08.09.2015 |

Episode #6 of the course “Superfoods you should know about”

A seed native to South and Central America, quinoa has been cultivated for over 5,000 years. It has served as an essential part of the diets of people in Peru, Ecuador, and Colombia, and over the centuries many species and subspecies of the seed have developed. Beloved for its ability to be sprouted quickly, a quinoa seed might begin to release within a few hours when submerged in water.

This seed is boiled, similar to rice, and can be served alone or in a number of dishes. Because of its versatility and nutritional value, quinoa has become increasingly popular over the last decade, and South American countries have increased their international exports to accommodate the higher demand. It remains a crop that is exclusive to this area of the world, and the people who harvest quinoa continue to do so by hand because of the unpredictable conditions that can accompany each subspecies’ ideal harvesting time.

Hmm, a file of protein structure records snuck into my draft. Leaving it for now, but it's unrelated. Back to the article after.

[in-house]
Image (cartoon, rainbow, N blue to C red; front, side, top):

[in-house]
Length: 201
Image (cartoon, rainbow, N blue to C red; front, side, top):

6.2 Quinoa


A highly nutritious seed, quinoa is high in fiber and minerals like iron, magnesium, and zinc, as well as vitamin B. This makes it heart-healthy, a promoter of an efficient immune system, and a great way to foster healthy skin, hair, nails, and eyes. It is a vital source of key nutrients and the foundation for a balanced diet for many vegans, and it’s also a seed that does not upset people with symptoms of Celiac disease.

One of the current debates among researchers who are studying the full benefits of quinoa is whether or not the seed can be said to contain every amino acid in a high enough quantity to qualify it as a “full protein.” The Jewish community also debated whether or not quinoa is a leavened seed (ultimately deciding it is not, which therefore makes it a Kosher seed that can be used during Passover).


Recommended book

“Quinoa: The Everyday Superfood: 150 Gluten-Free Recipes to Delight Every Kind of Eater” by Sonoma Press


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